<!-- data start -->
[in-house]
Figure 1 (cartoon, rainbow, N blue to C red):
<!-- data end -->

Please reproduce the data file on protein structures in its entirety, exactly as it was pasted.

[in-house]
Figure 1 (cartoon, rainbow, N blue to C red):